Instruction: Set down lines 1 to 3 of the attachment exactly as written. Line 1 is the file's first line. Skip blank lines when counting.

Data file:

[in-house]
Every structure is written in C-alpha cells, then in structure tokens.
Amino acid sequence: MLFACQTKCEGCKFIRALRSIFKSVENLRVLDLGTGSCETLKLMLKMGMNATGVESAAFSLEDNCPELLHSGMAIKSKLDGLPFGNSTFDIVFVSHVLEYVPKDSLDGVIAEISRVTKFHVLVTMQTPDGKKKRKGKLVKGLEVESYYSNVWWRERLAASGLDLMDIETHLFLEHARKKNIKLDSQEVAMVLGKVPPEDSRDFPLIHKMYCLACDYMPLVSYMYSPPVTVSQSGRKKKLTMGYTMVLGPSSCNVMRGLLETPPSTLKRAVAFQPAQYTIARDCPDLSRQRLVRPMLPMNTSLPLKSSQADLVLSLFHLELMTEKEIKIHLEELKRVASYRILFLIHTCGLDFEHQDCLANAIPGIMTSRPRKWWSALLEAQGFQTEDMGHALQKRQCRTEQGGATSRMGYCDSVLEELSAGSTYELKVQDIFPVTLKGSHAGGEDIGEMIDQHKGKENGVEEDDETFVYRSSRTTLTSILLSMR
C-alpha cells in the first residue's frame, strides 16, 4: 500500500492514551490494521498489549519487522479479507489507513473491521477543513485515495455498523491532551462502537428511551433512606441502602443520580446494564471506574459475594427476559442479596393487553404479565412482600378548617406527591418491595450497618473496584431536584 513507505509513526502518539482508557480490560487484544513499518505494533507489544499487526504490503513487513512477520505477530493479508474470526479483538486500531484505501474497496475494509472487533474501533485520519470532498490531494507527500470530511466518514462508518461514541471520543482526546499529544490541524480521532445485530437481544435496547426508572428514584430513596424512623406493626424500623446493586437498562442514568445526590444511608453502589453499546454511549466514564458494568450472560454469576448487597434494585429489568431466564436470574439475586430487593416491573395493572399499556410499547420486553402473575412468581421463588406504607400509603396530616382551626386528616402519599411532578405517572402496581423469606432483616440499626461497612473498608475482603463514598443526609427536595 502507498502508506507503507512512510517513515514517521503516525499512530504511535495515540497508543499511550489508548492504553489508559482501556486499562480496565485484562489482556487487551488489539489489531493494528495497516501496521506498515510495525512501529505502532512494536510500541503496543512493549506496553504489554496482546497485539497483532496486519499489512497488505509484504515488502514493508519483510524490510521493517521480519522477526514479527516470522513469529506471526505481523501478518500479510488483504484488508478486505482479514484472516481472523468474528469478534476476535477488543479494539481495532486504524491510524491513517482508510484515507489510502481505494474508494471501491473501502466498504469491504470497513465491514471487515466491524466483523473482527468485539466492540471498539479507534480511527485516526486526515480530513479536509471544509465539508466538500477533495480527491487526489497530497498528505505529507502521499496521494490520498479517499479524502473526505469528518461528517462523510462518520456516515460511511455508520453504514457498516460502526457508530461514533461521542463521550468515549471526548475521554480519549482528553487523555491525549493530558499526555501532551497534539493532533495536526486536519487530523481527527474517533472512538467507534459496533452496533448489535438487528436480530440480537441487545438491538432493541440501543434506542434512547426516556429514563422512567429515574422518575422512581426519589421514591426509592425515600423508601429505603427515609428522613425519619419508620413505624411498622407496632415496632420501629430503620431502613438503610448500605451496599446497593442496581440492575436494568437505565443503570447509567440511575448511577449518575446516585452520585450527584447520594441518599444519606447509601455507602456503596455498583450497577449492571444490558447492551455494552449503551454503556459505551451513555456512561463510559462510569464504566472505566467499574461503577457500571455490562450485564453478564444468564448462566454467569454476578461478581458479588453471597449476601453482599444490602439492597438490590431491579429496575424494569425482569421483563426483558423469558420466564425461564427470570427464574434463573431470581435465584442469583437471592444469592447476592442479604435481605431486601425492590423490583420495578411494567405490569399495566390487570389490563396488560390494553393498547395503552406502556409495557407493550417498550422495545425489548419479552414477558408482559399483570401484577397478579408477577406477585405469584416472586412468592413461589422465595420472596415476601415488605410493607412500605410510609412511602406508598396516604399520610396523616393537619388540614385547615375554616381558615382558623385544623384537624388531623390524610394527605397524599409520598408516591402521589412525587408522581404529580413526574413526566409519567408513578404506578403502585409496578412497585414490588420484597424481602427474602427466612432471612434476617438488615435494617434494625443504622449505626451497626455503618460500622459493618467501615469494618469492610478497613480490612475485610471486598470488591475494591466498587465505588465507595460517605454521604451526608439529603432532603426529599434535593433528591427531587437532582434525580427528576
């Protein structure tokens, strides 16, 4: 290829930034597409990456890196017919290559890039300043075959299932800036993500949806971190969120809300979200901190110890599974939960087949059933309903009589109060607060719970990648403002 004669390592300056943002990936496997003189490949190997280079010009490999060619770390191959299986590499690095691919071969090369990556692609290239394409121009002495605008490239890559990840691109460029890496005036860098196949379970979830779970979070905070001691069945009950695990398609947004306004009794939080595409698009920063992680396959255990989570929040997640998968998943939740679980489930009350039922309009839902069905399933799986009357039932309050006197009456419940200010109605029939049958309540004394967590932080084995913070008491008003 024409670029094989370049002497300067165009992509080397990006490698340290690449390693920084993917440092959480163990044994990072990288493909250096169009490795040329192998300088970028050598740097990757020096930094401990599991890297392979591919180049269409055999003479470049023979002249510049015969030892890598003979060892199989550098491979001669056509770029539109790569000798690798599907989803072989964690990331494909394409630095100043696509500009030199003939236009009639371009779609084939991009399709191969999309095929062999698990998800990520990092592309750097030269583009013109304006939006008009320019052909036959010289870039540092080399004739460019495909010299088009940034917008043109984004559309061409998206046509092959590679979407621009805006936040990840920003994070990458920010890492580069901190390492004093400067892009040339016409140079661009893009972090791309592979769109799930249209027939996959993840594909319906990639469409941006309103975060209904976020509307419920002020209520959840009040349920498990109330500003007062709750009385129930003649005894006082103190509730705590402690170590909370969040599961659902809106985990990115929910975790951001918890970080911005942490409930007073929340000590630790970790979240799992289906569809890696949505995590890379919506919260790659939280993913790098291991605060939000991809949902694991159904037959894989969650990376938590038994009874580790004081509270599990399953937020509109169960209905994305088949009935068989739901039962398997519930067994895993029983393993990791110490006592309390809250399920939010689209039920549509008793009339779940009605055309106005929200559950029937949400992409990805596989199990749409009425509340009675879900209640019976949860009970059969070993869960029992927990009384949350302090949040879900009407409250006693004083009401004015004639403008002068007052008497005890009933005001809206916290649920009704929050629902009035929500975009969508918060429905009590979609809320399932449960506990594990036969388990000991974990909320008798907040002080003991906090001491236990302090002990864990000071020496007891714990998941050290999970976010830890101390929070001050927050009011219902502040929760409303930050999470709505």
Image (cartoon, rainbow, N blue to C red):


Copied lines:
[in-house]
Every structure is written in C-alpha cells, then in structure tokens.
Amino acid sequence: MLFACQTKCEGCKFIRALRSIFKSVENLRVLDLGTGSCETLKLMLKMGMNATGVESAAFSLEDNCPELLHSGMAIKSKLDGLPFGNSTFDIVFVSHVLEYVPKDSLDGVIAEISRVTKFHVLVTMQTPDGKKKRKGKLVKGLEVESYYSNVWWRERLAASGLDLMDIETHLFLEHARKKNIKLDSQEVAMVLGKVPPEDSRDFPLIHKMYCLACDYMPLVSYMYSPPVTVSQSGRKKKLTMGYTMVLGPSSCNVMRGLLETPPSTLKRAVAFQPAQYTIARDCPDLSRQRLVRPMLPMNTSLPLKSSQADLVLSLFHLELMTEKEIKIHLEELKRVASYRILFLIHTCGLDFEHQDCLANAIPGIMTSRPRKWWSALLEAQGFQTEDMGHALQKRQCRTEQGGATSRMGYCDSVLEELSAGSTYELKVQDIFPVTLKGSHAGGEDIGEMIDQHKGKENGVEEDDETFVYRSSRTTLTSILLSMR